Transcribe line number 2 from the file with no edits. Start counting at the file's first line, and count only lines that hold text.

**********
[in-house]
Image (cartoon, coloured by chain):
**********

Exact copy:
Image (cartoon, coloured by chain):